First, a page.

“First, sinking an aircraft carrier is not a complicated task,” Hajizadeh said. ”Second, an aircraft carrier is equipped with so many advanced, delicate, and sensitive devices … that it could be incapacitated by even the smallest explosion.”
Although the U.S. military would likely intercept Iranian naval vessels before they could enter U.S. territorial waters, Iranian commercial vessels sailing under another country’s flag — if en route to Venezuela, for instance — could come close enough to the American shoreline to strike the U.S. Iran already possesses the capability to launch ballistic missiles from a ship.
Concerns about Iran’s nuclear-weapons ambitions make the threat of a naval incursion into U.S. waters a more pressing issue. Texas Republican Rep. Michael Conaway is promoting the Credible Military Option to Counter Iran Act, H.R. 4485, as one measure to prevent Iran from building a nuclear bomb.
The bill formalizes an understood U.S. policy “to take all necessary measures, including military action if required, to prevent Iran from threatening the United States, its allies, or Iran’s neighbors with a nuclear weapon.” It also allocates more than $594 million to enhance American firepower in the Persian Gulf region in fiscal 2012 and 2013.
“Preventing Iran from acquiring a nuclear weapon is among the most urgent national security challenges facing the United States,” Conaway wrote Wednesday in a “dear colleague” letter to other members of Congress. His legislation is needed, he said, “to prevent the increasingly dangerous situation in Iran from spiraling out of control.”
“My bill demonstrates to a defiant Iranian regime that the United States is prepared to take military action should they not halt their nuclear program,” Conaway told TheDC on Friday. “We must have a credible military option on the table to advance any real negotiations.”
Iranian Revolutionary Guards naval commanders said in July 2011 that they would expand their mission into the Atlantic Ocean, and that the country had equipped a number of its vessels with long-range ballistic missiles.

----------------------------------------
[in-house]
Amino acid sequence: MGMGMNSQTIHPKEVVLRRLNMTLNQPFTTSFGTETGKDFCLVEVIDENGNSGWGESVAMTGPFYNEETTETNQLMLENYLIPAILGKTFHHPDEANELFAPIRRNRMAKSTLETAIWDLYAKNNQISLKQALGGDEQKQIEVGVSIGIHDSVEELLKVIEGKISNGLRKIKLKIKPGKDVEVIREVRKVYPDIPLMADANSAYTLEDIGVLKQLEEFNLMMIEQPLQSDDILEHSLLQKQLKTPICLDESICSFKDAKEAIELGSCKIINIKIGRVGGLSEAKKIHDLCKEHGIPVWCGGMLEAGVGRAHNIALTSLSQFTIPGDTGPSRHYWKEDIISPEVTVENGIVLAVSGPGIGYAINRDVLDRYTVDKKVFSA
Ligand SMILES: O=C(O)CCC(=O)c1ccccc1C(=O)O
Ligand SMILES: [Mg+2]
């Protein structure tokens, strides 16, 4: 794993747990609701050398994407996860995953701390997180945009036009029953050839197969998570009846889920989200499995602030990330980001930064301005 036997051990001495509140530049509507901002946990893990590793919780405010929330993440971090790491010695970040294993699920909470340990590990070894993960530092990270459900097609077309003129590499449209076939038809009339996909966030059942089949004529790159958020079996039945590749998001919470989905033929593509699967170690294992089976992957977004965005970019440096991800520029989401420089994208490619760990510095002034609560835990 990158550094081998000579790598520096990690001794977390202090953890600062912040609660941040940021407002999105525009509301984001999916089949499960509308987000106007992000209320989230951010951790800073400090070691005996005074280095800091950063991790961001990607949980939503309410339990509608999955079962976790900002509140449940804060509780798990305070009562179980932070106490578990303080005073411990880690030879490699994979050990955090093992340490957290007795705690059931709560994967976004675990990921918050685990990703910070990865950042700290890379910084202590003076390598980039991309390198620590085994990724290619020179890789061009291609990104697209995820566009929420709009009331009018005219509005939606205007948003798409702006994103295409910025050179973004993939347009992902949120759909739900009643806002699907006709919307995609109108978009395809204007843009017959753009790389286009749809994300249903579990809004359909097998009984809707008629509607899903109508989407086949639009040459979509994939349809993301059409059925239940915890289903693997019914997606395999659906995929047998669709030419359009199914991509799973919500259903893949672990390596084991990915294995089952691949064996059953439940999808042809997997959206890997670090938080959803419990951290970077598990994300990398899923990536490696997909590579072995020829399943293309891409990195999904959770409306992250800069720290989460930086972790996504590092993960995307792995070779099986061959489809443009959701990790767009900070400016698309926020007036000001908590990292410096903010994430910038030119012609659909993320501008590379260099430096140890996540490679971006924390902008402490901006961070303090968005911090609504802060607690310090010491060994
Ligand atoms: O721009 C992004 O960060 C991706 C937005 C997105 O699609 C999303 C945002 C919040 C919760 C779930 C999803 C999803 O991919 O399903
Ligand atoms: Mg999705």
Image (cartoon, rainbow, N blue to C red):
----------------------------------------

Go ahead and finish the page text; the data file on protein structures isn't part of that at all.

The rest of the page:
In September, Iranian Defense Minister Ahmad Vahidi said Iran planned to deploy naval vessels in the Atlantic Ocean. “The Navy has a strong presence in the Caspian Sea, Persian Gulf, Sea of Oman, Indian Ocean and international waters and soon it will be present in the Atlantic Ocean,” Vahidi said.
On that same day, Rear Adm. Fadavi dismissed the idea of setting up a military hotline between U.S. and Iran. Media reports had quoted an unidentified U.S. defense official floating the idea after a series of close encounters between the countries’ forces in the Persian Gulf.
“When we go to the Gulf of Mexico,” Fadavi said, “we will establish direct communication with them.”Reza Kahlili is a pseudonym for a former CIA operative in Iran’s Revolutionary Guard and the author of the award winning book ”A Time to Betray.” He teaches at the U.S. Department of Defense’s Joint Counterintelligence Training Academy (JCITA) and is a member of the Task Force on National and Homeland Security.
April 28, 2012
The former head of Israel's Shin Bet security agency has accused the country's political leaders of exaggerating the effectiveness of a possible military strike against Iran, in a striking indication of Israel's turmoil over how to deal with the Iranian nuclear program.
Yuval Diskin said Prime Minister Benjamin Netanyahu and Defense Minister Ehud Barak — who have been saber-rattling for months — have their judgment clouded by "messianic feelings" and should not be trusted to lead policy on Iran. Diskin, who headed Shin Bet until last year, said a strike might actually accelerate the Iranian program.
Iran says its nuclear program is for peaceful purposes. Israel, like the West, believes that Tehran is developing weapons technology, but there is intense debate over whether international economic sanctions accompanying the current round of negotiations might prevent Iran from developing a bomb, or whether at some point a military strike should be launched.
Diskin's comments deepened the sense that a rift is growing between the hawkish Netanyahu government and the security establishment over the question of a strike.
In Israel, security figures carry clout well into retirement. Although they frequently pursue political careers, Diskin had been seen as relatively apolitical, perhaps lending his words even greater weight.
"I don't have faith in the current leadership of Israel to lead us to an event of this magnitude, of war with Iran," Diskin said at a public meeting Friday, video of which was posted on the Internet the next day and quickly became the lead news item in Israel.